Some three weeks ago, DHL and the main German mail delivery company Deutsche Post AG have announced to stop the production of the “Streetscooter”, their low-cost-fit-for-purpose delivery vehicle.
What a pity. Why did Streetscooter have do die?
To be clear: I don’t know. I have no insights, and I have never met Deutsche Post CEO Frank Appel. I followed Streetscooter on the internet and discussed it in conversations with other experts for electric vehicles. I believe the idea and their approach were very innovative.
The founder and inventor of the Streetscooter, Professor Günther Schuh, has published a very interesting article on the failure in the German newspaper Handelsblatt (https://t1p.de/6f39, you can probably use translation software to read it, it’s worth the effort).
He writes about the collaboration with DHL:
“To get the deal, we had to offer DHL shares of the company. A typical corporate reflex action in Germany. After the Due Diligence, they even wanted the majority. I asked them: ‘Why do you want to become an automotive manufacturer?’ Answer: ‘We want to control the company, and we want to be fast.”
What followed was the incarnation of slowness. The external sales was stopped for three years as well as the international expansion and the planned re-engineering program, normal POs were delayed, the management was fired, amateurs were hired, the orders of the own DHL fleet were reduced to a minimum, every improvement was forbidden – and they just waited for an opportunity to stop the business.”
I have no idea if this is true. However, I have no problem believing it. We hear the sentence “We want to be fast” pretty often with many of our corporate customers – and then it takes six weeks, three compliance forms and five signatures to process a PO of 5000 Euro. And we have also made the experience that new managers with a “this is never going to work anyway mentality” get into relevant R&D positions, and guess what: it didn’t work.
Last week, Deutsche Post announced a higher dividend for the shareholders. Good for them. For Germany, as an engineer’s country, it might have been preferable if the vehicle had become an export hit (to allow for high dividends later).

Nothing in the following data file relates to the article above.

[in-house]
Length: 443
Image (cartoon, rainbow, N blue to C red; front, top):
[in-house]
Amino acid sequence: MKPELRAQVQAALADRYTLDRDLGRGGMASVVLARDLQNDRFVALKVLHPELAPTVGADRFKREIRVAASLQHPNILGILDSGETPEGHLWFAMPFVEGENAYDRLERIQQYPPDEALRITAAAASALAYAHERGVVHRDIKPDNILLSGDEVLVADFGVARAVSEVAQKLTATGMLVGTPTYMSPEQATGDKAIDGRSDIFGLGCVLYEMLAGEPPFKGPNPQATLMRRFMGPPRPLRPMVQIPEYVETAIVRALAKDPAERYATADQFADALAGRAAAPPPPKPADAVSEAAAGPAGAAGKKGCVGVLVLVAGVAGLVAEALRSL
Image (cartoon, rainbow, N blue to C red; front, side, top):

In the same newspaper, the German minister for economic affairs and energy claimed three months ago: “We must become Number 1 in hydrogen worldwide.” Is that realistic? A country that is being managed by – quoting Prof. Schuh – “savings bank regulations”? A country where a law called “Renewable Energy Act” makes the electricity so expensive that all attempts to use e.g. excess wind power are fruitless? Where bureaucracy for small funded projects is so big nobody wants to do them?
We’ll talk about that on March 25 at 5 pm CET (8 am PST, 11 am EST, etc.) in our next webinar. “Can Germany become number 1 in the world of hydrogen?” I will show you some projects in Germany and in the world (esp. Asia). Then we’ll have an intensive Q&A session so you can find answers to the questions that keep you awake at night. 🙂
Here’s the registration link: https://event.webinarjam.com/register/1/m079xf7.
We’ll probably have some thousand participants, so please make sure you are there on time. And if you don’t make it then, please register anyway. We’ll send you the recording.
Ok. Here’s the link again: https://event.webinarjam.com/register/1/m079xf7
Have a nice day, and I wish the Streetscooter guys all the best
PS: The webinar will be organized by our new sister company Mission Hydrogen GmbH (www.mission-hydrogen.de). I will share 1-2 very cool news in the webinar (right after the start). Make sure you don’t miss it… https://event.webinarjam.com/register/1/m079xf7.